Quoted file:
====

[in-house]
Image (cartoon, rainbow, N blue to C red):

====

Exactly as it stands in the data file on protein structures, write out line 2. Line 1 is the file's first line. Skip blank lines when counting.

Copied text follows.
Image (cartoon, rainbow, N blue to C red):